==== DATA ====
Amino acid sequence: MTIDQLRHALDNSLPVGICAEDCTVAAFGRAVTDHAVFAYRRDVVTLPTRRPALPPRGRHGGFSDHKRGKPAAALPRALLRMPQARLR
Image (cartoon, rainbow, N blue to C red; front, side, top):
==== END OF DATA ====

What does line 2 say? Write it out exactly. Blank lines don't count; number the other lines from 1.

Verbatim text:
Image (cartoon, rainbow, N blue to C red; front, side, top):